It’s a constant face to the forefront that my beautiful little bear, may never meet the world’s standard of “normal”. I have mourned so much from pregnancy to now, that it has been hard to handle the roller coaster of emotion that comes along with this. When the time came for me to go into the hospital at 30 weeks for the first time, I thought maybe, just maybe, it would all be okay somehow and it was all just a dream. I’d get out and go back to “normal”. Normal. You hear that word so damn often and I hate that word. I wish I could throw it out. What is normal anyway?

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I had no idea when I took this picture, alone in my hospital room, that a few short weeks later I would be sitting in an operating room holding the hand of a man named Darrell, my kindly anesthesiologist as he assured me it would all be okay. They were telling me my son wasn’t getting oxygen, and that something was wrong. Dr. Adams, the man who would deliver my son, told me not to worry if I didn’t hear him cry. He probably wouldn’t cry, as they delivered my spinal block and did their best to make sure I was numb prepping me for my c-section as Daniel waited outside.

A short while later Alexandr made his entry into this world and nothing about it has been “Normal” since then. I spent time recovering from my c-section brushing up on infant CPR and learning how to clear his airway in an emergency. Sadly I had to use that once. No one should ever have to see their child turn blue on them. I have.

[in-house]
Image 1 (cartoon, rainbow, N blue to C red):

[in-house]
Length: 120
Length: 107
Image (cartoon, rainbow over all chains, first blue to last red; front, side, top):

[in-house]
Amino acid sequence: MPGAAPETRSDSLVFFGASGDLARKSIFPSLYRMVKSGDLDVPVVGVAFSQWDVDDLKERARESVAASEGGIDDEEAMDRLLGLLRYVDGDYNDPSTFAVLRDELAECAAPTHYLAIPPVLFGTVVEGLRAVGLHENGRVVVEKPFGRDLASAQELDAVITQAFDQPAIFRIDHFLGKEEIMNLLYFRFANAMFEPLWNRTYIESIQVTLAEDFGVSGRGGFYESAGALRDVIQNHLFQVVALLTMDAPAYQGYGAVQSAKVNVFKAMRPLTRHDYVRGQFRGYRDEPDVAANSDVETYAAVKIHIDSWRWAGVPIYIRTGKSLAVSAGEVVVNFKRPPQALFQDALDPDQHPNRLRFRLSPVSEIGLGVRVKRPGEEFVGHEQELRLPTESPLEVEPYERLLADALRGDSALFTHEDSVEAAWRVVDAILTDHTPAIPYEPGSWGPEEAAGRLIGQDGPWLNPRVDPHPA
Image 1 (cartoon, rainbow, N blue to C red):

Alexandr has spent his life fighting but he is here and was released after just under a month in the hospital. When he was almost two years old and could only speak a handful of words, spent more time being entertained by the ceiling fan than his toys, and took no comfort in my embrace. I began to worry. Six months ago right around his second birthday Alexandr was officially pronounced to be delayed by about a year. We truly had an issue. I felt like I had failed him once again. As much as I struggled and felt like I failed standing in that hospital room, standing in my living room after his therapy team left, I felt even more so. That’s when I began to hate the word “normal”.

Alexandr now has glasses as well as Nystagmus which is an uncommon issue where his eyes bounce back and forth, which, he isn’t aware of and cannot control, but can be seen by anyone who looks at it from an outside perspective. Another difficult blow, another thing that cannot be fixed.

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After six months of the knock down fight of therapy, Alex has seen good days and bad. We have seen progress but not forward motion. Recently we had a blow to our guts. His therapist came to me and finally said the words that I knew were likely coming but that every parent in my position is so afraid of.